Miller, Wendt, & Potter
Individually Based Guidelines methodology
There has been a strong sentiment in which
the management of concussions should Procedures
be individually oriented to the medical A 24 item questionnaire was developed
staff, primarily the team physician. Past for this study by the investigators using both
investigations have suggested that most athletic multiple choice answers as well as a 5 point
team medical personnel do not adhere to Likert scale (1=Strongly Agree, 2=Agree,
any specific concussion classification system 3=Neutral, 4=Disagree and 5=Strongly
or return-to-play guidelines in the decision- Disagree). The first two questions dealt with
making process but rather make such decisions demographic information while the subsequent
on a person by person basis (McCrea, Kelly, twenty-two regarded concussion assessment and
Kluge, Ackley, & Randolph, 1997; Notebaert return to play protocols. To ensure that the
& Guskewicz, 2005). Although a number survey questionnaire was a valid instrument,
of symptoms may indicate a concussion, not content validity was employed. Lynn (1986)
all athletes exhibiting such symptoms have recommended that a minimum of three experts,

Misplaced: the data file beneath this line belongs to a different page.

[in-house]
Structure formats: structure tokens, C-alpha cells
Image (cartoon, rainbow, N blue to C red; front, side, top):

a concussion. In fact, these symptoms may but suggested that more than 10 was not
be the result from dehydration, overtraining, effective. As such, a panel of five experts was
and lack of sleep (Iverson, Brooks, Collins, asked to rate each item in terms of its relevance
Lovell, 2006). Individually based evaluations to the underlying construct. Based on previous
often start with a systematic baseline testing research (Davis, 1992; Lynn, 1986) these item
in the pre-participation physical examination ratings were categorized on a 4-point ordinal
(Oliaro, et al., 2001). These baseline scores scale (1= not relevant, 2= somewhat relevant,
provide an individualized ‘‘normal’’ to be used 3= quite relevant, and 4= highly relevant). As
for comparison should the athlete incur a suggested by prior investigations (Davis, 1992;
concussion (Oliaro, et al., 2001). Baseline data Polit & Beck, 2006), the content validity for
can often vary considerably among athletes. each item was determined by the number of
As a result the objective post- concussive experts giving a rating of either 3 or 4 and
neurocognitive and symptom recovery becomes divided by the total number of experts. For
challenging to interpret without knowledge of example, an item that was rated as quite or
the pre-injury state (Field, et al., 2003). highly relevant by four out of five judges would
Although previous investigations have have an item level content validity of .80. By
recognized the significance of standardized doing so, the content validity for each item was
for testing for a concussion (Guskiewicz, et assured as each item exhibited between .80-1.00
al., 2000; McCrea et al., 1998), historically (Davis, 1992; Polit & Beck, 2006).
there have been no standard assessments for A test for the reliability of the instrument was
intercollegiate football team’s medical staff conducted as well. As test-retest reliability is
to deal with concussions (Harmon, 1999). the most common method used to determine
To determine how intercollegiate football survey instrument reliability (Litwin, 1995),